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African Americans Dying At Slower Rate Than White Americans

African-Americans age 65 and older are dying at a slower rate than whites of the same age, according to a new report by the Centers for Disease Control and Prevention.

Blacks, age 65 and older, began living longer than whites starting in 1999. Specifically, the African-American death rate (for those 65 and older) dropped to 25 percent within the past 17 years, according to the new CDC report. Black life expectancy rose from age 71 in 1999 to 75.5 by 2013.

By comparison, white life expectancy increased from age 77 to 79. Blacks, in plain terms, now have a life expectancy of 75.6 years, compared to 79 years for whites. This means the gap is still there; but it shrunk from a six-year difference in 1999 to a less than four-year difference in 2013, according to the new study.

While the new CDC report did not aim to explain why African-Americans age 65 and older are living longer than whites of the same age, the New Journal and Guide aimed to understand the slight increase, so it posed several questions to Nat Warren, age 71.

Several lifestyle choices come sharply into focus as Warren, age 71, describes his lifestyle. He is well-connected to his family and friends. And he stays busy. Warren, who retired as the head tennis coach at Norfolk State University continues to work as a volunteer with the team and he has earned many honors including a 2014 award at Cape Henry Racquet Club. 2015.

Here is how Warren spends a typical week. Monday. Warren, age 71, walks out to his home office in his garage and works at home raising funds as a volunteer for the tennis program at his alma mater, Norfolk State University.

Next, he cleans his pool, cuts grass, and putters around his yard for about three hours.

On Tuesday, he and his wife, Lizzie, babysit their two, four-year-old grandchildren who are twins. From 5-7 p.m. on Tuesday, Warren plays tennis at the Cavalier Yacht Club. Then he and his wife go out to dinner.

“On Wednesday, I play golf with three friends from 9 a.m.-1 p.m.,” Warren said. “On Thursday, my pastor and I mentor kids at Bible Study for four hours. On Friday, I have breakfast at a restaurant with about 12 men I’ve known for 20-30 years.”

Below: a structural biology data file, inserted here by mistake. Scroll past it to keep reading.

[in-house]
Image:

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Well, you get the picture. Warren not only brings the new CDC report sharply into focus. He also shines a light on his own longevity. Blacks who were susceptible to chronic disease, according to the new CDC report, had already died before age 65 from chronic diseases like diabetes, stroke and heart disease. Blacks who live to be 65 are older are comparatively healthier than their white peers.

Timothy J. Cunningham, lead author of the CDC report, attributed the lower death rate among elderly African-Americans, to weathering, a term that first emerged in 2011. It means weathering life’s storms produces a specific type of endurance that increases longevity.

“I attribute my longevity to taking care of my health, enjoying my family and working with others,” said Warren, who grew up in Southampton, Va., has been married for 48 years to his high school sweetheart, Lizzie. They have two adult daughters, Charrise and Chessie. For about three decades, Warren would load his family in the car and make the nearly three-hour, round trip commute each Sunday to St. Luke Christian Church in Southampton, where he grew up.

“Working with my family is the most important thing to me,” Warren said. “And I attribute the success I have had in my life to staying connected to those who helped me when I was young. That is why I work with youth and try to help them become what they want to become.”

Warren continued, “I also try to set an example for young folks and inspire them. I help the tennis coach at Norfolk State throughout the tennis season. I help with the tennis program from February until the end of April. Just last week, both of Norfolk State’s tennis teams finished second in the MEAC Championship-North, at Old Dominion University.”